Students must self-identify
Schools responsible for testing students
Students must pay for their testing, if needed
Schools responsible for any needed services School must provide whatever services will help student succeed in class, testing, and any school-sponsored activity
School must provide individualized tutoring
Students must seek out services
Student allowed only certain accommodations in college classroom and testing
Students must seek out tutoring, if needed, and must pay for it if college does not provide tutoring for non-disabled students. Individualized instruction is not guaranteed
Schools must communicate with parents at regular intervals re: student’s progress
College not allowed to contact parents without student’s permission
School must develop formal plan and it is school’s responsibility to track student
Student must ask for and “qualify” for services EACH semester, and the student is responsible for much of the accommodation process(i.e., notifying office of test dates, etc.)
Reduced assignments, (requiring student to submit less work than others))extended time on assignments, grading changes (counting daily work equal with semester tests) test format changes(take away 2 wrong answers and leave one right and one wrong answer) repeated chances to make a passing grade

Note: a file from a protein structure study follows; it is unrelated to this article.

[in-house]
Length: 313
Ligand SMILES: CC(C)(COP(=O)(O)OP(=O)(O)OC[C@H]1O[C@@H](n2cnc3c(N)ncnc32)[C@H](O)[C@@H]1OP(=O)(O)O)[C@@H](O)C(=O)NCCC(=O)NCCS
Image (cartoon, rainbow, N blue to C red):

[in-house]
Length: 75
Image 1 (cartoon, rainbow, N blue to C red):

No reduced assignments; extended time on assignments is very rare; no grading changes, no test format changes other than providing equal access (such as providing extended time or providing a test in large print or Braille); no extra attempts at tests unless promised accommodations were not provided during the first attempt
Who do I ask for accommodations?
Every college is required to have an office or an individual responsible for ensuring equal access for students with disabilities.
Where is this Disability Resource Office located and what are the hours of operation?
The Disability Resource Office is located in the Academic Support Center on the second floor of the Phillips Library in Room 209. Fall and Spring Semester the office is open Monday through Friday from 8 a.m. – 5 p.m. whereas Summer hours are 8 a.m. – 4:30 p.m.
When should I submit my documentation?
Students should submit documentation as soon as possible to ensure that expensive, or difficult to arrange accommodations are ready by the first day of class. For example, if Brailed texts are required, documentation and a list of required books should be submitted at least a few months prior to these needed services to ensure adequate time to have the textbooks Brailed since many colleges outsource this service and it is a very time-consuming process.
Why do I need to provide documentation?
The ADA states “validate the need for services based on an individual’s current level of functioning in the educational setting.” Current documentation allows us to better understand the barriers that may exist in collegiate setting. Proper documentation is needed to develop an accommodation plan for the student moving forward.